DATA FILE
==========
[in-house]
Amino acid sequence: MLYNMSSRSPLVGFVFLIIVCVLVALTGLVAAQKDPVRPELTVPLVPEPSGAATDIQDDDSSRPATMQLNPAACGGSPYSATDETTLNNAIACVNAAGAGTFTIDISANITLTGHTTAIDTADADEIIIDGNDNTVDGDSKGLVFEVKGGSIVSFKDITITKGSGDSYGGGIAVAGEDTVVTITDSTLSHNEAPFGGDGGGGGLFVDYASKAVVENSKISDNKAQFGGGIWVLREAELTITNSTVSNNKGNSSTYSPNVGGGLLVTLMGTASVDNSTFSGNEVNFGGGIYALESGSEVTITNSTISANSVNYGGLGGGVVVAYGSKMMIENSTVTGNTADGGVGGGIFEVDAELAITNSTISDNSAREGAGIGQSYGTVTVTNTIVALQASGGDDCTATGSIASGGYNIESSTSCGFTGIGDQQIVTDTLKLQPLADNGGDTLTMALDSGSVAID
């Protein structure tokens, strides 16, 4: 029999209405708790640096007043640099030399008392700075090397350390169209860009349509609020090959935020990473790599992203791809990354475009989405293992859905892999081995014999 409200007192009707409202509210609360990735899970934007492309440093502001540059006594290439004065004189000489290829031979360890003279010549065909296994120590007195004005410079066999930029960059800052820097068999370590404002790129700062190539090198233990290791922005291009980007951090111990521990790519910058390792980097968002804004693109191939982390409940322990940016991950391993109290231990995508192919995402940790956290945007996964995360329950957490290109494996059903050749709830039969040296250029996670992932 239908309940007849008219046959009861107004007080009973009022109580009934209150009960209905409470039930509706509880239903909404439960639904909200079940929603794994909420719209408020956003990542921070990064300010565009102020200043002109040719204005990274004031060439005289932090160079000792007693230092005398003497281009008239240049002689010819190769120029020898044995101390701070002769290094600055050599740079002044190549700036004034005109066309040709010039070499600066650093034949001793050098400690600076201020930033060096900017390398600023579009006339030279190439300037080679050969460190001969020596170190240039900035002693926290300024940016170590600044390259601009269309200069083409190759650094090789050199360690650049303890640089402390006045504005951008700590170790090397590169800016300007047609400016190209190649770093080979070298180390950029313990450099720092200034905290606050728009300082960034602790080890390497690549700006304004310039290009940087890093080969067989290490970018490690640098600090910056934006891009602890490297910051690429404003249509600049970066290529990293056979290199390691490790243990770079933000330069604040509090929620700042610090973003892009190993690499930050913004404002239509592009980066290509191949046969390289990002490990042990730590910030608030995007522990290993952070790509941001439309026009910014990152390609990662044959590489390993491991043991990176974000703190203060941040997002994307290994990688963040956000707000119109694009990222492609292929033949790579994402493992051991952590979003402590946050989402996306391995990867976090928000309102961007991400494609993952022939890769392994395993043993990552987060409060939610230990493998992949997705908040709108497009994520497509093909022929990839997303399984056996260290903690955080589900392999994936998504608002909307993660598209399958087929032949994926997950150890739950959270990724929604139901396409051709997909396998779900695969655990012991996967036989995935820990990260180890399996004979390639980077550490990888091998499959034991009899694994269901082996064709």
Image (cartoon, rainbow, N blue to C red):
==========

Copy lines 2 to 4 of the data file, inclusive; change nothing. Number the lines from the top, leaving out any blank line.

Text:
Amino acid sequence: MLYNMSSRSPLVGFVFLIIVCVLVALTGLVAAQKDPVRPELTVPLVPEPSGAATDIQDDDSSRPATMQLNPAACGGSPYSATDETTLNNAIACVNAAGAGTFTIDISANITLTGHTTAIDTADADEIIIDGNDNTVDGDSKGLVFEVKGGSIVSFKDITITKGSGDSYGGGIAVAGEDTVVTITDSTLSHNEAPFGGDGGGGGLFVDYASKAVVENSKISDNKAQFGGGIWVLREAELTITNSTVSNNKGNSSTYSPNVGGGLLVTLMGTASVDNSTFSGNEVNFGGGIYALESGSEVTITNSTISANSVNYGGLGGGVVVAYGSKMMIENSTVTGNTADGGVGGGIFEVDAELAITNSTISDNSAREGAGIGQSYGTVTVTNTIVALQASGGDDCTATGSIASGGYNIESSTSCGFTGIGDQQIVTDTLKLQPLADNGGDTLTMALDSGSVAID
């Protein structure tokens, strides 16, 4: 029999209405708790640096007043640099030399008392700075090397350390169209860009349509609020090959935020990473790599992203791809990354475009989405293992859905892999081995014999 409200007192009707409202509210609360990735899970934007492309440093502001540059006594290439004065004189000489290829031979360890003279010549065909296994120590007195004005410079066999930029960059800052820097068999370590404002790129700062190539090198233990290791922005291009980007951090111990521990790519910058390792980097968002804004693109191939982390409940322990940016991950391993109290231990995508192919995402940790956290945007996964995360329950957490290109494996059903050749709830039969040296250029996670992932 239908309940007849008219046959009861107004007080009973009022109580009934209150009960209905409470039930509706509880239903909404439960639904909200079940929603794994909420719209408020956003990542921070990064300010565009102020200043002109040719204005990274004031060439005289932090160079000792007693230092005398003497281009008239240049002689010819190769120029020898044995101390701070002769290094600055050599740079002044190549700036004034005109066309040709010039070499600066650093034949001793050098400690600076201020930033060096900017390398600023579009006339030279190439300037080679050969460190001969020596170190240039900035002693926290300024940016170590600044390259601009269309200069083409190759650094090789050199360690650049303890640089402390006045504005951008700590170790090397590169800016300007047609400016190209190649770093080979070298180390950029313990450099720092200034905290606050728009300082960034602790080890390497690549700006304004310039290009940087890093080969067989290490970018490690640098600090910056934006891009602890490297910051690429404003249509600049970066290529990293056979290199390691490790243990770079933000330069604040509090929620700042610090973003892009190993690499930050913004404002239509592009980066290509191949046969390289990002490990042990730590910030608030995007522990290993952070790509941001439309026009910014990152390609990662044959590489390993491991043991990176974000703190203060941040997002994307290994990688963040956000707000119109694009990222492609292929033949790579994402493992051991952590979003402590946050989402996306391995990867976090928000309102961007991400494609993952022939890769392994395993043993990552987060409060939610230990493998992949997705908040709108497009994520497509093909022929990839997303399984056996260290903690955080589900392999994936998504608002909307993660598209399958087929032949994926997950150890739950959270990724929604139901396409051709997909396998779900695969655990012991996967036989995935820990990260180890399996004979390639980077550490990888091998499959034991009899694994269901082996064709």
Image (cartoon, rainbow, N blue to C red):